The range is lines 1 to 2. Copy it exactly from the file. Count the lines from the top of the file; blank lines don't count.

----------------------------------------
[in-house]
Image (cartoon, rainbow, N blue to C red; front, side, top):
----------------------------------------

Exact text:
[in-house]
Image (cartoon, rainbow, N blue to C red; front, side, top):